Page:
The KMT, Taichung, Crime and Corruption: Do They Still Go Hand in Hand?

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Wednesday June 02, by Jerome F. Keating Ph.D.

It read like something out of the "Godfather" movie series. There they were in the middle of the afternoon of a working day, four of Taichung's finest police officers (with alleged gangland ties) having tea at the offices of another well-known boss of questionable repute, Weng Chih-nan. All of a sudden a gunman burst in and fired off sixteen shots. Seven of the shots hit Weng and others hit a friend. How long does it take to fire off sixteen shots?

Did Taichung's police officers see or do anything? Did they fire back at the gunman while he pumped out sixteen shots? No, they were too busy diving for cover, and it appears one of them was wounded. Fortunately a surveillance camera captured the scene.

This does not look good for Jason Hu who has been Mayor of Taichung for eight years. So, with elections coming up, what is the punishment of these officers with "gangland ties?" One was removed from his administrative position and another received a demerit. Tough punishment? If Taiwanese have any memory, they will remember that the officer in charge of the police who abused the rights of the people and the Sunrise Record Shop during the visit of C-class Chinese official Chen Yun-lin also got a demerit. But test your memories once more, in the next week the same officer that got the demerit was then given a promotion. Is this the KMT balance of justice?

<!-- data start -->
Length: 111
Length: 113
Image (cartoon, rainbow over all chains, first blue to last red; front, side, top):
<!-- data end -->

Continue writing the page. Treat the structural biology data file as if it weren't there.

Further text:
Taichung has a reputation as a gangland city. As Mayor, Jason Hu gives the appearance of being a nice guy. He may not have done anything great in his eight years, and crime may have grown, but he also has not had any great errors or goof-ups. This is unlike the case of the Mayors of Taipei the city to the north. So what to say? The word on the street in Taichung, is that the police have also been doctoring up the crime reports; i.e. they only report crimes that have been solved; unsolved crimes are left off the docket, too many of them like this shooting would look bad.

For citizens down there, not to worry; now that Jason Hu has "cleaned up" Taichung City after eight years, he will be running for Mayor of Taichung County, where I am sure that he will again promise to clean things up. It looks like interesting times in Taichung.